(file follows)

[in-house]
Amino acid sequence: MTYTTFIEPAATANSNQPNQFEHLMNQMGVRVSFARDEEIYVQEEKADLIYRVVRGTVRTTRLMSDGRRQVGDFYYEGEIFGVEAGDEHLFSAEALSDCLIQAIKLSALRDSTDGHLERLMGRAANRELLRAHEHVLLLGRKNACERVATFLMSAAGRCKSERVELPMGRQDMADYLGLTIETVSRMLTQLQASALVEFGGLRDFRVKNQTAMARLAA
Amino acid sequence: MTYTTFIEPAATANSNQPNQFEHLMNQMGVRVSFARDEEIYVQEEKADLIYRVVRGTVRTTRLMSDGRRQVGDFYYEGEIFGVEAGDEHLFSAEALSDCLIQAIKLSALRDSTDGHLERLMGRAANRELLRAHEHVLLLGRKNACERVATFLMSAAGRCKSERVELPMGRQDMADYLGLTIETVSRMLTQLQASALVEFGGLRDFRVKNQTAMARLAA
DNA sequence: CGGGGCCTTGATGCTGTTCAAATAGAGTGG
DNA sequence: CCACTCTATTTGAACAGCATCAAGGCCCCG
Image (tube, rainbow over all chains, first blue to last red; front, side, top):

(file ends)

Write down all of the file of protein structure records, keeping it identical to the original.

[in-house]
Amino acid sequence: MTYTTFIEPAATANSNQPNQFEHLMNQMGVRVSFARDEEIYVQEEKADLIYRVVRGTVRTTRLMSDGRRQVGDFYYEGEIFGVEAGDEHLFSAEALSDCLIQAIKLSALRDSTDGHLERLMGRAANRELLRAHEHVLLLGRKNACERVATFLMSAAGRCKSERVELPMGRQDMADYLGLTIETVSRMLTQLQASALVEFGGLRDFRVKNQTAMARLAA
Amino acid sequence: MTYTTFIEPAATANSNQPNQFEHLMNQMGVRVSFARDEEIYVQEEKADLIYRVVRGTVRTTRLMSDGRRQVGDFYYEGEIFGVEAGDEHLFSAEALSDCLIQAIKLSALRDSTDGHLERLMGRAANRELLRAHEHVLLLGRKNACERVATFLMSAAGRCKSERVELPMGRQDMADYLGLTIETVSRMLTQLQASALVEFGGLRDFRVKNQTAMARLAA
DNA sequence: CGGGGCCTTGATGCTGTTCAAATAGAGTGG
DNA sequence: CCACTCTATTTGAACAGCATCAAGGCCCCG
Image (tube, rainbow over all chains, first blue to last red; front, side, top):